This is my friend Megan’s account of her daughter’s journey with DDH. I hope you will find it encouraging to read a Pavlik Harness success story!
Until I became a parent I had always been a firm believer that if you are determined, and you work hard enough, you can achieve anything. Then I had a baby. The loss of control started while I was pregnant when Hannah remained in the breech position and was so firmly wedged into my rib cage and pelvis it was deemed pointless to try and turn her (via the ECV procedure described by Jen in her earlier posts). In the UK there is no option of attempting a breech natural birth (although in New Zealand they seem to think that is an excellent option :-0), so months of hypnobirth training in preparation for what I imagined being a tranquil, earth mother labour with dreamy music and hallmark card endings was shelved for an elective Caesarian at 39 weeks. It ended up a fairly harrowing day of waiting while emergency after emergency shunted me to the end of the day WITH NO FOOD (the worst part!). It was a less than ideal start from my perfectionist viewpoint.
Being a first born, female, breech baby with genetic predisposition ticked all the boxes for potential hip problems. Luckily in the UK, and in New Zealand where we now live, there are screening programs to check all newborn babies hips. If you have a breech baby you are additionally sent for an ultrasound screening of the hips at six weeks. Hannah’s hips were checked at birth and no problems were found. I didn’t think much more about it. The six week check-up came and I had been totally focused on trying to establish breastfeeding, which was still not going particularly well. My ‘work hard, achieve anything’ ethic led me to doggedly persevere and it was taking all the energy I had to cope with the discomfort and the worry that a lack of milk was the reason our darling Hannah was a ‘non-sleeper’.
Jared didn’t come with me to The Appointment because I didn’t think much was going to happen. As anyone with a young baby will know, trips out with a baby are a mission. Timing is everything – naps, feeding and nappy changes have to be planned with military precision. Bags are prepared well in advance. Of course I know all that now, but back in those days it was just chaos, and stress levels were high whenever I had to get to any appointment. Both this visit, and what became many subsequent visits involved long periods of waiting in the waiting room. I was trying to breastfeed using nipple shields that would fall off during the feeds. Milk would spray everywhere and Hannah would scream. I was a very long way from the happy hippy mummy I had envisioned in my head!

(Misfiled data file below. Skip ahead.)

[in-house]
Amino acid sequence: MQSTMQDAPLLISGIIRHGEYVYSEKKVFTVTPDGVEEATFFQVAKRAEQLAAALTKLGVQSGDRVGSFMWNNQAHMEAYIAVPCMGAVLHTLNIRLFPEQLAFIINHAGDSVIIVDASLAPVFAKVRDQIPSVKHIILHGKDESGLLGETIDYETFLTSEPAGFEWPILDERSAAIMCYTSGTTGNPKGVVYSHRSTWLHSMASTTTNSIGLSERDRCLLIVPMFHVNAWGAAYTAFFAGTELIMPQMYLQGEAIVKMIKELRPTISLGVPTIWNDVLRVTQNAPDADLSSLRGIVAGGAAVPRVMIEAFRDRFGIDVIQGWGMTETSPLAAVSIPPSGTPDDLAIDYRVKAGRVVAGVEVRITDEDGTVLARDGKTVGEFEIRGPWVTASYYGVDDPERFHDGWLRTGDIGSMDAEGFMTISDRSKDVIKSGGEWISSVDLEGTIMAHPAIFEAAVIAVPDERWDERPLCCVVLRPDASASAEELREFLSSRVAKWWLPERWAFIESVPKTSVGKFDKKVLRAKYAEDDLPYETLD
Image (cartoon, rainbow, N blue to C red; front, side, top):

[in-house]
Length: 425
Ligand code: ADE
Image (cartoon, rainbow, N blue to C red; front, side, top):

With that stage set, we finally went into our appointment and the consultant, who was remarkably lacking in empathy and compassion for a paediatric doctor, soon let me know there was a problem. She made a comment along the lines of “oooh that’s not good” when looking at Hannah’s hip socket, whipped out her ruler and spent an age drawing angles on the print out of her ultrasound. We had to return a couple of weeks later and have a Pavlik Harness fitted. I battled to take it all in, and the reality only really hit me when I got home and started googling ‘Pavlik Harness’. The nightmare that is Google also provided me with a lot of information as to what could happen if the Pavlik Harness treatment did not work. I was officially freaking out.
SOCKS? WHAT SOCKS?
The UK is fortunate to have a wonderful, if controversial, public health system that allows potentially debilitating problems like hip dysplasia be diagnosed and treated for free, but it also means resources are stretched and one very quickly becomes a cog in a wheel. Beside Google, I had very little preparation for what was to come. Arriving the following week to have the Pavlik fitted (slightly better prepared for the trip, but not much!) I was asked where Hannah’s socks were. Socks? Apparently one was supposed to bring long socks that reached up to her mid-thigh to protect her very delicate skin from chafing, especially behind the knee’s where sweat can cause a nasty rash. So we had no socks, and I was already feeling like I had failed to look after my baby. **Disclaimer – I can’t totally confirm I did not receive sock advice during our first visit. I was in a daze – they could have told me anything.
The harness was to remain on 24 hours a day and we were to bring Hannah in once a week to ‘bath’ and have the harness adjusted. That meant that besides the socks, the harness was on her naked skin, and clothes worn on top of it. Nappies had to be woven through the harness straps. Not everyone has this treatment method. Often one is allowed to remove the harness daily to give your baby a quick wash, which means the harness can be worn over clothes. Our consultant was fairly hard core though, saying that if we wanted the best for our baby, we should not remove it. I know she meant well, and was doing her job, but I confess I did not have warm fuzzy feelings for her at this stage. I needed someone to blame for how dreadful I was feeling, and she fit the bill nicely. If I got tearful, which happened pretty much every week in the early days when Hannah would scream through the entire appointment, she would basically tell me to man up, as we were doing what needed to be done.